(Bloomberg) — Thailand’s economy grew at the slowest pace in almost five years in the second quarter as exports and tourism deteriorated, buffeted by U.S.-China trade tensions and a strong local currency.
Gross domestic product rose 2.3% from a year ago, down from 2.8% in the second quarter, the National Economic and Social Development Council said Monday. That’s the slowest pace since the third quarter of 2014. The expansion was in line with the median estimate of 2.3% in a Bloomberg survey of economists.
A slowdown both domestically and abroad affected the quarter’s growth, Thosaporn Sirisumphand, secretary general of the council, said at a briefing in Bangkok. The U.S.-China trade war, global jitters and drought remain risks going forward, although a government stimulus package announced last week, as well as potential investment from companies relocating from China amid the trade war, could help offset the damage, he said.
Further stimulus is possible, including steps that focus on boosting private investment and tourism, Thosaporn told reporters. The government also will likely boost investment through public spending and disbursements by state enterprises, he said.
- The trade-reliant economy has been hit by a slump in exports and cooling tourist arrivals. A looming delay in the budget after a new government took office in July is another risk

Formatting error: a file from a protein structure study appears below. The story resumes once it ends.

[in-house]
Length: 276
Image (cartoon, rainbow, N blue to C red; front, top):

- The council lowered the full-year growth forecast to 2.7% to 3.2%, compared with an earlier forecast of 3.3% to 3.8%. The forecast for exports was cut to 1.2% contraction, from previous estimates of 2.2% growth
- The second-quarter growth print should be the lowest this year, Deputy Secretary-General Wichayayuth Boonchit said at the council’s briefing Monday
- The Thai baht has gained nearly 8% in the last 12 months, making it Asia’s best performing currency tracked by Bloomberg. The central bank has taken a series of measures to curb short-term inflows and intervened in the foreign exchange market to limit the currency’s gains, leading to a record-high level of foreign exchange reserves
- GDP rose a seasonally adjusted 0.6% in the second quarter compared with the previous three months, lower than the 0.7% median estimate in a Bloomberg survey
- The government announced 316 billion baht ($10.2 billion) economic stimulus package Aug. 16 to help boost local demand
- The central bank unexpectedly cut its benchmark interest rate earlier this month — for the first time in more than four years — and said it sees more room to ease as global risks surge
(Eearlier versions of this story were corrected to indicate the proper quarter’s data and proper time comparison.)
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